On July 27, 2015, MPEG LA announced a call for MPEG-DASH-related patents in order to create a single patent pool for this technology.[17] MPEG LA announced its MPEG-DASH patent portfolio licence. It includes patents that are essential to the MPEG Dynamic Adaptive Streaming over HTTP standard.[18]


MPEG-DASH is available natively on Android through the ExoPlayer, on Samsung Smart TVs 2012+, LG Smart TV 2012+, Sony TV 2012+, Philips NetTV 4.1+, Panasonic Viera 2013+ and Chromecast.[19] YouTube as well as Netflix already support MPEG-DASH, and different MPEG-DASH players are available.[20]

While MPEG-DASH isn't directly supported in HTML5, there are JavaScript implementations of MPEG-DASH which allow using MPEG-DASH in web browsers using the HTML5 Media Source Extensions (MSE).[21] There are also JavaScript implementations such as the bitdash player[22] which support DRM for MPEG-DASH using the HTML5 Encrypted Media Extensions.[23] In combination with WebGL, the HTML5-based adaptive bitrate streaming of MPEG-DASH enables also the efficient streaming of 360° video for live and on-demand use cases.[24]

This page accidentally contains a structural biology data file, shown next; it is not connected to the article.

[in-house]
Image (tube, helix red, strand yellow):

Clients and libraries[edit]

  • Shaka is the open source dash player from Google.[25]
  • VLC Media Player 3.0 shipped a new client plugin for MP4/MPEG and Live streams.[26][27][28]
  • The cross-platform FOSS multimedia framework GStreamer has supported MPEG-DASH and WebM DASH since at least v1.4.[29]
  • The open-source library libdash[30] is platform independent and runs on mobile platforms such as Android, iOS, Windows Phone.
  • bitmovin provides the bitdash MPEG-DASH player for HTML5 and Flash.[31]


Note that no specific support is required from the server for DASH content, with the exception of Live Streaming.